Albin Michel, 1998, 405 pages, C$29.95 tpb, ISBN 2-226-09331-1
(Available in English as either Blood-Red Rivers or The Crimson Rivers)
I wish I could tease you by saying that Jean-Christophe Grangé’s Les Rivières Pourpres is one of the best French thrillers I have ever read and that it’s forever out of the Anglo-Saxon literary sphere. Fortunately for you, the book is available in English as either Blood-Red Rivers (the original title) or The Crimson Rivers as the movie tie-in edition.
Additionally, most English-speaking cinephiles probably remember the 2000 French movie starring Jean Reno and Vincent Cassel as two policemen investigating what turns out to be related cases. But as it so often happens, the novel and the movie don’t necessarily agree.
For one thing, the characters are very different. In the film, Inspecteur Pierre Niémans, played by Jean Reno, is a grizzled but basically competent policeman, riffing off Reno’s quasi-patented screen personae to good effect. The novel version is a lot darker: in the dynamite opening chapter, Niémans severely beats a homicidal hooligan after a soccer riot, leading to a messy internal investigation that drives him out of Paris and into a tragic character arc that finds resonance in the novel’s conclusion. Things aren’t much better for his partner, as Arab-French policeman “Karim Abdouf” suddenly becomes “Max Kerkerian”, under the handsome Gallic traits of Vincent Cassel. Exit the entire beur back-story of a young troubled youth becoming policeman for fear of becoming a criminal. Exit the dreadlocks. Exit, indeed, most of the character’s distinctiveness, replaced by a cool “I don’t like fascists” one-liner to stoke the film’s memorable skinhead-beating.
I suppose you won’t be surprised to find out that the movie ends up on a far more optimistic note, won’t you? The book, after all, doesn’t leave much room for a sequel…
But never mind that. Finding a translated copy of the book in North America will be challenging enough; too bad you won’t be able to experience the book in its original form: If Les Rivières Pourpres does something exceedingly well, it’s to present a French-language thriller that is initially as gripping as its American equivalents. French authors can do mysteries with the best of them. Thrillers, on the other hand, require a different discipline. French authors have a hard time recreating the urgency, the electric charge of a well-plotted suspense. Les Rivières Pourpres is an exception.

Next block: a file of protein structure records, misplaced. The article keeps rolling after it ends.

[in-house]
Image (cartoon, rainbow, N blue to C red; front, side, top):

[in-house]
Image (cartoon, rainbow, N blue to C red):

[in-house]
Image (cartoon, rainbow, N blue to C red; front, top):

From the beginning, there is a fluidity to the writing, a hardness to the dialogue that makes Les Rivières Pourpres a pleasure to sink into. Grangé writes well, but he doesn’t leaden his prose with useless words; the story moves along at a brisk clip, and the very particular atmosphere of the book (set deep in France’s rural Alps) has a unique quality that immediately distinguish this thriller from countless others. Grangé isn’t afraid of gore, and a number of scenes are simply dreadful in a delightful fashion.
Alas, I’m not so fond of the book’s latter half, which pretty much reflected my disenchantment with the movie’s second half: The ominous rumblings of a gigantic conspiracy turn out to be bottom-basement eugenics that never reach the promises of the book’s initial mystery. As with many other thrillers, The Secret so murderously well-protected doesn’t seem all that important after the fabulous set-up. At least the movie had the sense to end on an action sequence; no such luck here in a rushed finale that settles things far too easily.
Despite Bruce Sterling’s wry admonition that “there’s a quality in a good translation that you can never capture with the original”, I’m not sure that even the best possible translation of Les Rivière Pourpres could recapture the sheer fun of an original French-Language thriller that has nothing to envy from les Américans. (Chances are that the English translation will be read as “just another thriller.”) It’s both a comfortable quality and a mildly refreshing treat; even with the lacklustre conclusion, Les Rivières Pourpres is a darn good read, and that often all that’s necessary. If you can’t get the book, why not have a look at the film?